Are you suffering now from one or more of the following?
- Reduced ability to deal with stress
- Chronic muscle tension or pain
- Chronic illness such as fibromyalgia
- Chronic digestive problems, allergies or inflammation
- Symptoms of PTSD
- Flashbacks or panic attacks
- Hyper-vigilance or exaggerated startle response
- Persistent or recurring fear and anxiety
- Inability to connect with others
- Avoidance or procrastination
- Depression, numbness or detachment from life
- Alienation, isolation or feelings of helplessness and shame
Even though the above conditions are very different from each other, they all have something in common. They each indicate a problem with our nervous system – which is one way our body communicates with itself. When our nervous system is sending the wrong messages, we feel like something bad is always happening.
Some of us feel like the bad thing is happening outside of us and we try to manage our environment or other people to feel better. Some of us feel like we are bad or wrong and we try to manage ourselves to feel better. Others of us develop chronic pain or illness. Many of us develop complicated coping methods in order to get through the day.
Ultimately, none of these attempts to feel better are successful and we end up living in survival mode, which is a hard, frustrating, unsatisfying and expensive way to live. Over time, survival oriented living tends to result in chronic pain, chronic illness, feelings of helplessness, isolation and negative feelings toward ourselves.
Did you experience one or more of the following?
- Prenatal distress, difficult birth, serious illness or hospitalization as an infant
- Separation from parent or caregiver in childhood, including adoption or foster care
- Early trauma – before the age of 6
- Event trauma – after the age of 6
There’s a connection between trauma and chronic stress, pain and illness.
Trauma occurs when we feel overwhelmed by a single or repeating experience. Overwhelm occurs when too much happens too fast. Because it’s too much to deal with when it occurs, trauma gets held in the body – where it waits, sometimes for decades, to be released.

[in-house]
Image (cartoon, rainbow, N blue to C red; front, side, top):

Very early trauma, before the age of 3, occurs before the development of language. For this reason, those of us who experienced trauma very early in life may have no conscious memory of it and/or have tremendous difficulty talking about it. In this case, our memory of the trauma exists primarily as sensation. Often, as sensation associated with the conditions listed at the top of the page.
You can learn to feel comfortable and at ease within, even if you have never felt this before. There is a natural process that our bodies are able to go through in order to release trauma that is held in the body and return our nervous system to its normal, healthy state of communication.
Somatic Experiencing is a gentle, highly effective way to support this process – moving out of the trauma response, restoring a sense of balance to the nervous system and returning a sense of health, aliveness and wellbeing to our lives.
No matter what your life story has been, you can engage this natural ability within yourself. Signs of a healthy nervous system include: the ability to feel both relaxed and alert, emotional stability, the abiltiy to heal from or better manage chronic pain and chronic health conditions and the ability to react appropriately to unexpected events in our daily lives.
Somatic Experiencing is safe and moves at a pace appropriate to your needs. It involves gentle, supportive touch or no touch and is included in my Rolfing® sessions.
Call Stephanie for a free consultation: 209-614-7532